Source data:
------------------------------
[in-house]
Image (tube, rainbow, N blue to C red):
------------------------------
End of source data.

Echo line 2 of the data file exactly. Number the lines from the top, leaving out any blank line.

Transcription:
Image (tube, rainbow, N blue to C red):